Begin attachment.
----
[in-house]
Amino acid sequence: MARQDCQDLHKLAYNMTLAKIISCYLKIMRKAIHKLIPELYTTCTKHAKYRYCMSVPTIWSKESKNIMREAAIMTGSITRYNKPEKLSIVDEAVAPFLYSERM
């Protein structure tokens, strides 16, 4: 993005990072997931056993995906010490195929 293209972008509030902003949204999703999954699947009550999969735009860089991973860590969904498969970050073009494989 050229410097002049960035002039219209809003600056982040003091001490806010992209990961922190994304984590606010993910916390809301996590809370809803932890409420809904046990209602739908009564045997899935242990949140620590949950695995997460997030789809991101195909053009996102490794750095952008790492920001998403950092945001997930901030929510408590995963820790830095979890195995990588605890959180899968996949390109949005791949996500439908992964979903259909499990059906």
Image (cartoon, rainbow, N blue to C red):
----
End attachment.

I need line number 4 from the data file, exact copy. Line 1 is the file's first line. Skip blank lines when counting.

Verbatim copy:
Image (cartoon, rainbow, N blue to C red):